Welcome to the WHATWG standards. The only ones who have any say in WHATWG are the large browsers, and most of the power is with Google.

Their concept is also not to standardize new stuff, but to always only describe what the largest browsers (often simply Chrome) do.

All you need to know about WHATWG is that the monstrosity they're billing as "HTML" has neither version numbers nor a formal grammar.

It may be bad but unfortunately it's the closest to a serious/workable standard nowadays regarding URLs.

This post makes me very happy to be using GraphQL. (not trying to start another flamewar)

Rather than following arbitrary "best practices" you dig up from random articles and might or might not know or follow, GraphQL forces you to write your API a certain way.

That is not to say GraphQL is a silver bullet, it has it's own problems, but at least I can concentrate on my application and how it needs to work rather than reading more articles about how exactly to name my URLs.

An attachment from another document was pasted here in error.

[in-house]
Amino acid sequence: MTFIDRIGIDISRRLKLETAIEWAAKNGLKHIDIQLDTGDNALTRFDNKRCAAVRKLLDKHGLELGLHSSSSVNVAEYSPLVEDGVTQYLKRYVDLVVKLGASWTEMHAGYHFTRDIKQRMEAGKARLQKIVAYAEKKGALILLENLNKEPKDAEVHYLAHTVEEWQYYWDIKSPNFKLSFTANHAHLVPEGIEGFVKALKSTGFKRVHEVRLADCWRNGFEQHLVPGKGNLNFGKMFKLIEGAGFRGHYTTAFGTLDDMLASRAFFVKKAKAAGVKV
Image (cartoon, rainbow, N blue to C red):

GraphQL is just another set of "arbitrary" best practices. If you're looking for a ambiguity-free prescriptive approach to implementing a REST API, there's plenty out there (MS, Google, and tons of other companies have very prescriptive approaches to building REST APIs), and some frameworks like Rails push you strongly in one direction (for example, most of the rules of this article are something that isn't a decision you need to make in Rails)

Sure, but at least these arbitrary best practices are enforced at a framework level. I can't not adhere to the GraphQL way of doing things!

RFC 3986.

is this rules are perfect?